Sarah Colley Cannon, a member of Nashville’s upper crust, became an onstage inverse of a rags-to-rhinestones story every time she grabbed her hat -- with its $1.98 price tag -- and became one of country music’s greatest comedians and best-loved ambassadors, Minnie Pearl.

The iconic performer was born on Oct. 25, 1912, in Centerville, Tenn. As a young woman, she traveled the South for a theater company. She found inspiration for the Minnie Pearl persona while staying in the Sand Mountain region of Northeast Alabama (the same fertile grounds that brought us the Delmore Brothers, the Louvin Brothers and the band Alabama). A woman offering Colley a place to stay told colorful stories and simply referred to the youngest boy in a house filled with children as Brother, inspiring Pearl’s down-home delivery and her often-discussed sibling’s name (and the lack thereof).

Minnie Pearl, a character that empathized with rural Americans' self-deprecating senses of humor, debuted on the Opry stage in 1940. Highlights of Pearl’s set included gossip from the town of Grinder’s Switch, Tenn. and stories about such characters as Brother, Uncle Nabob and Pearl’s on-again, off-again “feller," Hezzie. Each appearance for decades began with a familiar salutation: “How-dee! I’m just so proud to be here.”

Beyond her over-the-top introduction, instantly recognizable look and send-ups of small-town gossip, Pearl was a master of the one-liner. Preview screenings of Ken Burns’ Country Music documentary do Pearl’s story justice while incorporating the perfect line to tease her self-depreciating style: “When they handed out looks, I thought they said books, so I asked for a funny one.”

Other jokes poked fun at family dynamics, from kids' experiences in Sunday School to spouses' date nights. For example, her former joke writer Kevin Kenworthy included this knee-slapper in his book The Best Jokes Minnie Pearl Ever Told (Plus Some That She Overheard): “A man and his wife were at a swanky, buffet-style dinner party in town when the wife whispered to her hubby, ‘That’s the fifth time you’ve gone back for more chicken. Doesn’t that embarrass you?’ He said, ‘Not at all. I keep telling ‘em that I’m getting it for my wife.'"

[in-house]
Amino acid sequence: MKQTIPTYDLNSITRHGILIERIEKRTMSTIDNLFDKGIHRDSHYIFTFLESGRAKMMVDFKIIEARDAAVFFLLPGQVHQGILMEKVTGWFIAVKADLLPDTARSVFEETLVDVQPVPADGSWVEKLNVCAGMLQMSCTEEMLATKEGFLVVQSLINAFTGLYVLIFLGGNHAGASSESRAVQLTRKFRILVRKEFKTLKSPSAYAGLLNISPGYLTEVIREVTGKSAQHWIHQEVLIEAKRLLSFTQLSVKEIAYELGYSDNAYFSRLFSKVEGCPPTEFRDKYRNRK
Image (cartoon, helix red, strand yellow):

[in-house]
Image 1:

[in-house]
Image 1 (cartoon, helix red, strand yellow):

"The Sunday School lesson this week was about Noah's ark, and the teacher asked the children what they thought Noah might have done to kill the time for those forty long and dreary days. One little boy said, 'I bet he spent a lotta time fishing!' Another little boy said, 'He couldn't have done that. He only had two worms!"

Her dual identity as a high society woman and a cornball comedian allowed Colley to serve as a mediator at a time when the old money "Athens of the South" crowd resented the lower-brow ground level of what became Music City U.S.A. Colley’s involvement in both sides of Nashville’s identity helped the old guard to see fiscal possibilities of learning to stop worrying and love the Grand Ole Opry

Comedy albums, novelty songs and even a failed fried chicken franchise followed, but Pearl remained synonymous as the Opry, both with comedic sidekick Rod Brasfield from 1948 to 1958 and as a solo attraction. Later in her career, Pearl's role as Nashville’s top emcee crossed over to the small screen, most notably when the rise of TNN (The Nashville Network) in the 1980's introduced her to a new generation of fans.

A June 1991 stroke cut short the still-active performer’s career. After five years in a Nashville nursing home, the woman known to millions as Minnie Pearl passed on March 4, 1996. Her husband and former manager Henry Cannon (Aug. 11, 1917-Nov. 7, 1997) survived her by a little over a year and a half.

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